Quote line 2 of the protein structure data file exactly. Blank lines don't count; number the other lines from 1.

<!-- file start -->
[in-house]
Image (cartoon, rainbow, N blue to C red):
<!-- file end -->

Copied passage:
Image (cartoon, rainbow, N blue to C red):